Mel Greenberg covered college and professional women’s basketball for the Philadelphia Inquirer, where he worked for 40 plus years. Greenberg pioneered national coverage of the game, including the original Top 25 women's college poll. His knowledge has earned him nicknames such as "The Guru" and "The Godfather," as well as induction into the Women's Basketball Hall of Fame in 2007.
By Mel Greenberg @womhoopsguru
At last week's NCAA women's basketball tournament mock bracket exercise at the organization's headquarters in Indianapolis the subject of team placement versus nearest geography was discussed but initially centering on teams in another part of the country.
Then some examples were given where much to Huskies fans' lament situations could arise where three-time defending NCAA champion Connecticut could land somewhere other than neaby Bridgeport where each time the city hosted, UConn was part of the four-team group in either opening rounds or regional play.
For the most part it happened because in all but one situation Hall of Fame coach Geno Auriemma's charges lived up to their nickname and were one of the top, if not very top, overall dogs in the seeding/placement process and got the dibbs for nearest site to campus.
But figuring who the traditional power programs have been, recent slumps not withstanding, since Connecticut won't be considered to be the might of the last four Breanna Stewart years, from the Guru's calculation, here is where problems could arise.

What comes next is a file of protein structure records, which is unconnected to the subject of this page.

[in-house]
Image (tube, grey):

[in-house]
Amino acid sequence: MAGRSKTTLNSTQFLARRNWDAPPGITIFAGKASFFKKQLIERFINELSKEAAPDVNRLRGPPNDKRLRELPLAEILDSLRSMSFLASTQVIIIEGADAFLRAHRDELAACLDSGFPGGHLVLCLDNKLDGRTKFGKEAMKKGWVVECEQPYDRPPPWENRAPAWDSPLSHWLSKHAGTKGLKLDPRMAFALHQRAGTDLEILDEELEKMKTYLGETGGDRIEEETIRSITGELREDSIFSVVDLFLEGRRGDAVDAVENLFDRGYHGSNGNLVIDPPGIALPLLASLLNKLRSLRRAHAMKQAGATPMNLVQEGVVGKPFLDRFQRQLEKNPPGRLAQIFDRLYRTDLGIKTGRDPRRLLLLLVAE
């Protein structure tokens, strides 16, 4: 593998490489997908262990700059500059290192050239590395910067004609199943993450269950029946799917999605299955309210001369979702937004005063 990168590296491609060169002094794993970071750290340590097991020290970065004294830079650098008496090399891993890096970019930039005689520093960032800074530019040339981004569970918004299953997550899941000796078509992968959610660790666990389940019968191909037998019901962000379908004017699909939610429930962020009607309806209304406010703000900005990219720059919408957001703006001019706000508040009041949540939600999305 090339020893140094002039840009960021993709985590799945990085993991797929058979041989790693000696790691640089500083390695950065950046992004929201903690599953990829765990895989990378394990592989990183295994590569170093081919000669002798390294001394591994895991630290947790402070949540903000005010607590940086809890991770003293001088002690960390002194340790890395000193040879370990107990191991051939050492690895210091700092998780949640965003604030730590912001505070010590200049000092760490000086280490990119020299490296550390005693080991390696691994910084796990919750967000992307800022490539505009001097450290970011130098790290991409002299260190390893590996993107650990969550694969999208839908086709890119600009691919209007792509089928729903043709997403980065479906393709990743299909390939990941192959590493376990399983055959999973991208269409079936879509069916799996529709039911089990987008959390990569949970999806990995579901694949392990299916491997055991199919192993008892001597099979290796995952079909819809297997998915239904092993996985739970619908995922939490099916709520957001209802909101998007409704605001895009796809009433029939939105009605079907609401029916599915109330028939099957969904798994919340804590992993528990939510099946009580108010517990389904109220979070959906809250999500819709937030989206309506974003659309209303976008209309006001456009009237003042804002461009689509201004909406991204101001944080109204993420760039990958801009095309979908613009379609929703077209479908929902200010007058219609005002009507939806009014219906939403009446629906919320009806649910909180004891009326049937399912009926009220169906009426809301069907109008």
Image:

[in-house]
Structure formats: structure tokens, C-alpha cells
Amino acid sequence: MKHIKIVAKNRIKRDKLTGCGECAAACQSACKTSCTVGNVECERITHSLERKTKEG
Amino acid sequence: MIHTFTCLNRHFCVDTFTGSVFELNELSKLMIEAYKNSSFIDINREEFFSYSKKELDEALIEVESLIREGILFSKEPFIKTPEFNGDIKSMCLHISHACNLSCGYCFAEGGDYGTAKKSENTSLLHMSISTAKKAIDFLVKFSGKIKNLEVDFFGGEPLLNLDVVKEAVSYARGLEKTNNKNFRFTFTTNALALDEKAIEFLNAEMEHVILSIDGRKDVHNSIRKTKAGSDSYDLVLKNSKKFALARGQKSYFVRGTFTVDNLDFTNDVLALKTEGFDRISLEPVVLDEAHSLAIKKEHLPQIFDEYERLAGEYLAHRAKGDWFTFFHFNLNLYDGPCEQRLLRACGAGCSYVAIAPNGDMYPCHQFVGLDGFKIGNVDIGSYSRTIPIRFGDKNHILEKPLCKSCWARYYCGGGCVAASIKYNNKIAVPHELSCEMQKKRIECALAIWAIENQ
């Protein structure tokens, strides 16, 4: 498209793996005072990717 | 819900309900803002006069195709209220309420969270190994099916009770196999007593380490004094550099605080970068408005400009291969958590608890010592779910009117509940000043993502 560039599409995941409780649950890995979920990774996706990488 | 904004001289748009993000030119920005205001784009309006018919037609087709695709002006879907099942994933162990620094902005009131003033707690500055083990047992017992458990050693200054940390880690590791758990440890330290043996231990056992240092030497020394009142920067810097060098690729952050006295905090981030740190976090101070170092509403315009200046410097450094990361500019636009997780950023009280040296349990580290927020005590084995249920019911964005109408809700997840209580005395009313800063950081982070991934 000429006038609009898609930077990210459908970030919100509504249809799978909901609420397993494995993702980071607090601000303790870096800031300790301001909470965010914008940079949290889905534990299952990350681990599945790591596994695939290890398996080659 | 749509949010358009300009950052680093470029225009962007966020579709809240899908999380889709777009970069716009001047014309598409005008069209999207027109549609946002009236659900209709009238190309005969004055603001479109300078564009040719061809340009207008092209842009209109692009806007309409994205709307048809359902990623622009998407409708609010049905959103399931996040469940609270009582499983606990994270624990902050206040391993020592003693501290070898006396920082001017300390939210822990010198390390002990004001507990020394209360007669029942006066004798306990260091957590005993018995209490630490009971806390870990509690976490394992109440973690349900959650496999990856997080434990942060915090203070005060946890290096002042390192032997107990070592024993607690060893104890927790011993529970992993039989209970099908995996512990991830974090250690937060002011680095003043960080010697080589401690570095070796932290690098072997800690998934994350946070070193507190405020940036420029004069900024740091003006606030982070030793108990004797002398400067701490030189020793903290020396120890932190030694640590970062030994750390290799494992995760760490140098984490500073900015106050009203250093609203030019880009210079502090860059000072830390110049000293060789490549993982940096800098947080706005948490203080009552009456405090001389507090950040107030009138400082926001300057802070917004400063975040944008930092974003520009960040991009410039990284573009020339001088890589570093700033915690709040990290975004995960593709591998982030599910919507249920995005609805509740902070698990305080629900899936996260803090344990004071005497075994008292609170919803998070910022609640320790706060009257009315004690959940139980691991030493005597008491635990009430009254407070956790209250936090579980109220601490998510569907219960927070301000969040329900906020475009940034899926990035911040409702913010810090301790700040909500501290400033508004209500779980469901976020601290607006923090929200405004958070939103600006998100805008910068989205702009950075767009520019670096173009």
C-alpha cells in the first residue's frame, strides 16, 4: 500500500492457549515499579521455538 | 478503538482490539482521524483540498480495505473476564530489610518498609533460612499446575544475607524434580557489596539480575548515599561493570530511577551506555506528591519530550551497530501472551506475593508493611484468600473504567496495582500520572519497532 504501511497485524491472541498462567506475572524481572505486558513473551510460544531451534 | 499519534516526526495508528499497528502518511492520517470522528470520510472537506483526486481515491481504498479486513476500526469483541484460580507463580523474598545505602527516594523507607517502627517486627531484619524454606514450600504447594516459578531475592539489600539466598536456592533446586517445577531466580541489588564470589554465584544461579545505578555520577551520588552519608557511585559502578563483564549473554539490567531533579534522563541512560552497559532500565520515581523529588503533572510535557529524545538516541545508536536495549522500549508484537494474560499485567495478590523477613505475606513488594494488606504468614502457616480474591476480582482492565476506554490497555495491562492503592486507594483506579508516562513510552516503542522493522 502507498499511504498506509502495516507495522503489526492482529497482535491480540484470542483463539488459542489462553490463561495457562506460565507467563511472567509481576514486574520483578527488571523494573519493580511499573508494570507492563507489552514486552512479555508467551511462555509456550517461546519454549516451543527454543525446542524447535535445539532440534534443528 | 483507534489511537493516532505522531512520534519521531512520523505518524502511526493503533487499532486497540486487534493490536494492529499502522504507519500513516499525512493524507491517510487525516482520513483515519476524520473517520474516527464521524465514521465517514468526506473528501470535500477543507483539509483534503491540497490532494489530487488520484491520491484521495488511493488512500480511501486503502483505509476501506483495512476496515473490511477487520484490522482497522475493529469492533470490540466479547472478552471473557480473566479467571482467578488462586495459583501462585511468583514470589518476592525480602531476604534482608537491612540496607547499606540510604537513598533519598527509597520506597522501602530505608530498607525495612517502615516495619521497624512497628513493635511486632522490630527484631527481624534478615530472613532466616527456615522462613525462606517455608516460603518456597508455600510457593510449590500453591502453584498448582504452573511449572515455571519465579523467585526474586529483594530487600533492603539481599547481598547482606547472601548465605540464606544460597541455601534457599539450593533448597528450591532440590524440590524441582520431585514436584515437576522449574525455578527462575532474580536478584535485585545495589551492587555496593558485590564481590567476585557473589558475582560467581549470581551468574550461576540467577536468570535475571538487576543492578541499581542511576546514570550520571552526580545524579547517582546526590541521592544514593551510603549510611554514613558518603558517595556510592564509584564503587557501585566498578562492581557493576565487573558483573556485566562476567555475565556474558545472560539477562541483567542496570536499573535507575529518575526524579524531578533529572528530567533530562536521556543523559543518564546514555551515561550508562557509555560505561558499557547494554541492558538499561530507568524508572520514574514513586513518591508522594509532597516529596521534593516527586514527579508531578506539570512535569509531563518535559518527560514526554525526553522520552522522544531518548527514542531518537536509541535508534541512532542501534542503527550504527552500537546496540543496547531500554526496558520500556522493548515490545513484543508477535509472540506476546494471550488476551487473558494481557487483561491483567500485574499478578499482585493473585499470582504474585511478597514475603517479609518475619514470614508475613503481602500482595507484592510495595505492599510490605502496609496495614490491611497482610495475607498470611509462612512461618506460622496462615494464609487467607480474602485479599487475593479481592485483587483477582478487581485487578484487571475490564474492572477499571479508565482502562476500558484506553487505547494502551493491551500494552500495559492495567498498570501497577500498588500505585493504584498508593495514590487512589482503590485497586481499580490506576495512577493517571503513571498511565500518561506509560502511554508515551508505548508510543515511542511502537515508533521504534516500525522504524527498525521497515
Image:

If by chance let's say the Huskies got a top seed but not the very top seed, then if somehow on the same line as UConn either Maryland, Penn State, or Rutgers were ahead of the Huskies, they would get Bridgeport and UConn would have to go elsewhere.
As of now UConn could be part of the Bridgeport regional because the Huskies likely would be better than most of the rest of the country and thus the better seed on most of the ensuing problems.
Even if they were not, there's a good chance the other teams' near geography could be at one of the other regionals, thus UConn could back into Bridgeport.
Depending how things play out, the Huskies could get a procedural bump up or down a line to land a slot leading to Webster Bank Arena as long as it is not such a bump to cause damage to the integrity of the bracket.
So, as long as teams fairing better than UConn among the top 16 do not conflct geographically, -- there could be a situation where Duke or UNC, if they did the unexpected for 2017, could also be a threat to Huskies fans' travel budgets.
Other than that, the only other very longshot problems would occur if certain teams out of the Big East (the seaboard ones), Temple in the AAC, or schools in the CAA, NEC, Ivy (think Penn or Princeton), America East or MAAC suddenly became contenders for high Top 16 slots.
But tuck all this away for a while, the WNBA is soon to resume play and the focus on the playoff hunt will take front and center.